Sunday, 12 January 2014

Turning Heartbreak Valley into Acres of Hope

2013 saw me thrust into a wilderness of sorts. Not physically, but spiritually and emotionally. After 3 friendships collapsing in a matter of months at the beginning of the year, I soon fell into a depression, with the wounds being deepened when my church  failed to care for me in my dark state. After all, healing can only take place within the church walls on a Sunday right? If you stop going, well you are out of sight and out of mind. With everything stripped away, I found myself deep in the wilderness with nothing, and hope seemed to be but a distant memory. I was in Heartbreak Valley.

I have been reading Brene Brown's book "Daring Greatly", this summer. It has been a real eye opener to vulnerability and shame. In the chapter 2 I read:
"....there is one particular sort of betrayal that is more insidious and equally corrosive to trust.
In fact, this betrayal usually happens long before the other ones. I'm talking about the betrayal of disengagement. Of not caring. Of letting the connection go. Of not being willing to devote time and effort to the relationship. The word betrayal evokes experiences of cheating, lying, breaking a confidence, failing to defend us to someone else who's gossipping about us, and not choosing us to someone over other people. These behaviours are certainly betrayals, but they are not the only form of betrayal. If I had to choose the form of betrayal that emerged most frequently from my research and that was the most dangerous in forms of corroding the trust connection, I would say disengagement.
When the people we love or with whom we have a deep connection stop caring, stop paying attention, stop investing, and stop fighting for the relationship, trust begins to slip away and hurt starts seeping in. Disengagement triggers shame and our greatest fears- the fears of being abandoned, unworthy and unlovable. What can make this covert betrayal so much more dangerous than something like a lie or an affair is that we can't point to the source of pain - there's no event, no obvious evidence of brokenness. It can feel crazy-making."
p51,52 (Daring Greatly.- Brene Brown.)

Hello! Crazy-making. Yep, that was me last year. But reading this makes perfect sense why I fell into the depression. With 2 disengagements last year, I felt shame and fear of being abandoned, unworthy and unlovable. I was unable to trust anyone. What I also realised after reading this passage in the book, is that I have been a victim of disengagement over the past 20 years with Christians over and over again. I would form relationships, trust people when they invite me to share my heart, only for the person to disengage from the friendship. I find Christian friendships usually have an expiry date. There is rarely longevity. I don't think that I am alone in my experience. Disengagement is very much part of the church culture. It is dangerous. I wonder how many times I may have betrayed people by disengaging. It makes my heart hurt to think of the pain I may have caused people.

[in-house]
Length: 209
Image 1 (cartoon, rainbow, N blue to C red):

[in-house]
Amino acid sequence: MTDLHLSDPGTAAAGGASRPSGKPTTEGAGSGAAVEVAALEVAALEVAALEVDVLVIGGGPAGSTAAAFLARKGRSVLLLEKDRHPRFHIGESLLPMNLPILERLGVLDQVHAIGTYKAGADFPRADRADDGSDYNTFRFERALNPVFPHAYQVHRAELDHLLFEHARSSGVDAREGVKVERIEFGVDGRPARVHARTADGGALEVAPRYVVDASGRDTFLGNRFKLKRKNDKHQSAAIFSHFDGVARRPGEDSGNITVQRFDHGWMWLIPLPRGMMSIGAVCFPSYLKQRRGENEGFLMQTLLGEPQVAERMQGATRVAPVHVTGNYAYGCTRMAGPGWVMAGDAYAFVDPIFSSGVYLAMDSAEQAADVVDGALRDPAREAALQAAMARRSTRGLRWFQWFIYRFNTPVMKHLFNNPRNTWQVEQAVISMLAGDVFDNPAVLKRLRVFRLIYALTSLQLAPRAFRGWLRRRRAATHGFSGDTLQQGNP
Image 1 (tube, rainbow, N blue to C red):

So, I have trust issues. But I also have  a deep seeded need for connection. I believe that God is in the process of making all things new in my heart. It is a process. I have had a hard time trusting God through it all. I even found myself doubting whether or not Jesus is real . But I feel Him gently pursuing me. I believe that He has taken me into this wilderness so that I can start over.
And now, here’s what I’m going to do:  I’m going to start all over again. I’m taking her back out into the wilderness    where we had our first date, and I’ll court her. I’ll give her bouquets of roses.    I’ll turn Heartbreak Valley into Acres of Hope. She’ll respond like she did as a young girl,  those days when she was fresh out of Egypt.{Hosea 2:14-15 MSG}

I am believing that I will remember what it was like when I first gave my heart to Jesus, and respond accordingly. I am learning to trust again. I am trusting that He will bring me into connection with other Christians that I can truly trust with my heart. I am not sure exactly what that will look like. But I know I can't go back to the type of churches that I have been to over the past 20 years.  He will turn my Heartbreak Valley into Acres of Hope. I hold on to that thread of hope. It will take every ounce of courage within me to be brave and trust again.

Still taking lessons from the King,

*all art work by Jo-Anne M  Puggioni (that's me!)

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  1. Have you heard the song Acres of Hope? It is so, so good.

    I really empathize with this idea of disengagement. It's given me a name to put to something I've been experiencing. I have noticed (and this reality becomes increasingly more painful) that I am almost always the one who initiates contact with the ones I count as friends. I am always the one calling, inviting, etc., with one exception. Usually once I initiate, the other person happily (seemingly, at least) hangs out. But hardly ever does anyone invite me somewhere. It really hurts. So I've stepped back, stopped inviting, because I can't keep on putting myself out there and not have most people reciprocate. I don't know if this is the right thing to do, but I'm tired. So tired. And hurt. And frustrated.

    Anyway, thank you. Thank you for writing about this, for letting me know that this hurt has a true source.

    1. It really helps to put a name to the hurt doesn't it Beth? I understand about stepping back and stopping the invitations. xo


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Jo Princess Warrior xo